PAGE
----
Sitting At The Back Of The Bus – But Not For Much Longer…

The Irish language on TV3?

Well not quiet. Ever since TV3 snatched away the exclusive broadcast rights to the GAA’s All-Ireland Minor Championship finals in hurling and football there has been considerable controversy over the British-owned television channel’s ambiguous responses on whether or not it would continue to broadcast the games in Irish, following on from RTÉ’s popular coverage of the events. I wrote about this a few months ago and was less than sanguine about the chances of an exclusively English-speaking television station actually taking notice of the fact that we live in a bilingual nation and I was right – and wrong. A report on Breaking News explains why:

‘The tradition of live TV broadcasts of the GAA All-Ireland Minor finals in Irish will continue after an announcement by TV3 today.

TV3 and its sister station 3e will provide a simulcast broadcast of the finals on September 4 (Hurling) and 18 (football).

In what will be a first for Irish broadcasting, TV3 and 3e will offer viewers the choice of language in which to watch the All-Ireland Hurling and Football Minor Finals.

Commentary on 3e will be broadcast as Gaeilge while TV3 will broadcast commentary in English.

The All-Ireland Minor Hurling final between Galway and Dublin on September 4 will be the first Irish language programme to be broadcast on either TV3 or 3e.’

3e was a minor cable channel acquired and rebranded by the TV3 Group in 2008 and up to now its only real claim to fame has been the shallowness of its programme schedules, with a trashy diet of cheap British and American imports that make its broadcast stable-mate in TV3 look like high-brow television (and that’s saying something). As it is 3e continues to be largely a cable and satellite entity, with little presence on the terrestrial or analogue TV channels and an average audience figure of around 1% (though that may change with the move to digital television broadcasting and greater prominence on the Saorview service).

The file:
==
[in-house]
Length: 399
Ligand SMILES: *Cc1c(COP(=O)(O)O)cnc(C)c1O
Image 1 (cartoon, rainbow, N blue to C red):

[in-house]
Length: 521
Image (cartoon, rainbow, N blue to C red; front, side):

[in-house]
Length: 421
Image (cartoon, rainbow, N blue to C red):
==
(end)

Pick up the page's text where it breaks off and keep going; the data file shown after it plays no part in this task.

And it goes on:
The decision by the management of TV3 to simulcast the games in English and Irish is a surprising one given the network’s broadcast philosophy (cheap, lowest denominator television for the greatest viewership). However it does perhaps speak volumes about the current status of the Irish language and the Irish speaking population in Ireland. A decade or more ago the TV3 Group would probably have taken the commercially-driven decision to broadcast the championship games in English only with little recourse by those who opposed or felt disenfranchised by the move, and little reaction from the wider media or general public.

After all in its thirteen year history TV3 has never broadcast a programme in the Irish language. As Ireland’s ‘independent television network’ that says much for the shameful manner in which broadcast regulations in Ireland were ‘liberalised’ by our corrupt incompetent political establishment, the failure to legislate for linguistic and cultural equality suiting the demands of the ‘private market’. TV3 instead became a moderately profitable cash-cow for a series of foreign owners (presently it is a London-based investment company called Doughty Hanson & Co) with a schedule of foreign TV programming and simulcasts with the British network ITV (hence the description of TV3 as ITV Ireland or the rather more biting acronym of TVWB – TV West Brit).

However, the times have changed.